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UN slams Israel arms sales to Myanmar in Rohingya genocide report

Commander in Chief of the Myanmar military, Min Aung Hlaing, meets with IDF Chiefn [File photo]
Commander in Chief of the Myanmar military, Min Aung Hlaing, meets with IDF Chief [File photo]

Israel’s sale of weapons to Myanmar has been criticised by the UN in a report calling on the international community to impose targeted sanctions and an arms embargo on the south-east Asian nation. The UN report found that Myanmar companies bankrolled “brutal operations” in villages in Rakhine state stormed by soldiers during which thousands were slaughtered, many were burned alive in their homes, and women and children were raped.

In its report submitted to the 39th session of the Human Rights Council, the Independent International Fact-Finding Mission on Myanmar found “consistent patterns of serious human rights violations and abuses.” In addition to serious violations of international humanitarian law, the UN “concluded that many of these violations amounted to crimes against humanity and included murder; imprisonment; enforced disappearance; torture; rape, sexual slavery and other forms of sexual violence; persecution and enslavement.”

The team which compiled the report focused on the economic interests of the Myanmar military and ways to punish its officers for crimes which the UN had said amounted to genocide. For the first time, the degree was established by which the country’s military uses its own businesses, foreign companies and arms deals to support its campaigns against the Rohingya.

READ: Tel Aviv still arming Myanmar military despite allegations of genocide

The Fact-Finding Mission identified several companies from various countries, including Israel, supplying arms to Myanmar’s military. Israel is said to have exported arms to Myanmar before a Supreme Court order prohibited the practice in 2017. However, Israeli companies welcomed a delegation from Myanmar’s military to an arms-expo in Tel-Aviv last month. In response to a question from Haaretz as to why Israeli companies were showing equipment to Myanmar representatives when they are not allowed to sell arms to the country, sales representatives at a number of booths claimed to be unaware of such a ban.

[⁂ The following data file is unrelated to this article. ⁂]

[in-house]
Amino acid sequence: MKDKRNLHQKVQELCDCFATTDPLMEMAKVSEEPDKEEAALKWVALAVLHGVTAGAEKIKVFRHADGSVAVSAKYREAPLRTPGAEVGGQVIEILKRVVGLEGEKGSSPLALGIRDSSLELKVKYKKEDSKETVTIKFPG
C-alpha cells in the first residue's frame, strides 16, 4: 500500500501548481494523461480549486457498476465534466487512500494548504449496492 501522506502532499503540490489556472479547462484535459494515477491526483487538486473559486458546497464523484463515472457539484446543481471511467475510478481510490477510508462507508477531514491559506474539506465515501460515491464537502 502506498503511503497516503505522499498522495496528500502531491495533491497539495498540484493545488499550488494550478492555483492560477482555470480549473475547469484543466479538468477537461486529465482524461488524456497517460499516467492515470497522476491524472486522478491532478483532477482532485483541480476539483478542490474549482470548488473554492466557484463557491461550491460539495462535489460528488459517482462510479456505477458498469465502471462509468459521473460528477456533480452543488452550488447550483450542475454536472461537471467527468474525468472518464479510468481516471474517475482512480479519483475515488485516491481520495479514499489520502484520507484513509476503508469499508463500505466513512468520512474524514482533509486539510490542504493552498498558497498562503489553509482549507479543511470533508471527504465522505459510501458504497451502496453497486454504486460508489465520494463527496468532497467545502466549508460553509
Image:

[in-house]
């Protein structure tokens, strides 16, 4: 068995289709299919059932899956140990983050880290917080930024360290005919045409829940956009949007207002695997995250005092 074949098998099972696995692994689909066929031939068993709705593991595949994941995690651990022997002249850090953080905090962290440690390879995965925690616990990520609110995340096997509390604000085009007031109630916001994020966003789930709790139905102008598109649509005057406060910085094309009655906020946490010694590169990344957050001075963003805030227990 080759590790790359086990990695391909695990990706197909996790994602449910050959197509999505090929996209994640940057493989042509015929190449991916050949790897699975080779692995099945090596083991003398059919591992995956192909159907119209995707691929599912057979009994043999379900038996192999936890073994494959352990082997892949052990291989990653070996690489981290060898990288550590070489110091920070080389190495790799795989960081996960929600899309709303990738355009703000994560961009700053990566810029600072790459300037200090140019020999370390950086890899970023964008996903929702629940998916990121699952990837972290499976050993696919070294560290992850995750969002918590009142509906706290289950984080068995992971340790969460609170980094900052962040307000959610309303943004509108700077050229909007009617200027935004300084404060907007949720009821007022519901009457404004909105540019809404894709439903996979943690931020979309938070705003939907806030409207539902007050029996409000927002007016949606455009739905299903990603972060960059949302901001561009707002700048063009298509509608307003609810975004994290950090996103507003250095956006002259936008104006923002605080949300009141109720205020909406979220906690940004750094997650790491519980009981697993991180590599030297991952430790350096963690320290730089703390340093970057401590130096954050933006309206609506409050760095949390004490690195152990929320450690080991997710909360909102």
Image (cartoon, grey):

The UN report noted that in April 2017, when genocidal campaigns against Rohingya Muslims became a global concern, Israel Aerospace Industries, a state-owned enterprise, delivered two attack frigates to the Myanmar Navy. This is said to have followed the filing of a petition before the Israeli Supreme Court in early 2017 seeking a ban on implementing a defence cooperation agreement signed between Israel and Myanmar due to the conduct of the army in northern Rakhine in October 2016.

Privately-owned Israeli arms manufacturing companies have also sold arms and provided military training to Myanmar. “Israel, in particular, allowed the transfer of arms covered by the ATT (Arms Trade Treaty),” said the UN Mission, “at a time when it had knowledge, or ought to have had knowledge, that they would be used in the commission of serious crimes under international law.”

Denouncing the sale of arms to Myanmar the report said that Israel, along with the Democratic People’s Republic of Korea, Russia, and Ukraine, should not have permitted arms sales when knowledge of the killing in Myanmar was “widespread”. The team also found that the Myanmar military had sought to procure equipment from companies in the United Kingdom, Austria, Japan, and Canada, though it was unable to confirm if those deals went ahead. In conclusion, the Fact-Finding Mission called on the UN Security Council to impose an arms embargo on Myanmar.

READ: Israel court gagged, details of ruling on arms sales to Myanmar remain secret

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Asia & AmericasInternational OrganisationsIsraelMiddle EastMyanmarNewsUN
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